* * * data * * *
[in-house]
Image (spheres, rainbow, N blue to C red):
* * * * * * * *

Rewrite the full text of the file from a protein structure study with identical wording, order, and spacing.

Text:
[in-house]
Image (spheres, rainbow, N blue to C red):